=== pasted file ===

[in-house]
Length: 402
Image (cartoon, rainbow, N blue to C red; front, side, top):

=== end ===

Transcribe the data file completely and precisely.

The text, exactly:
[in-house]
Length: 402
Image (cartoon, rainbow, N blue to C red; front, side, top):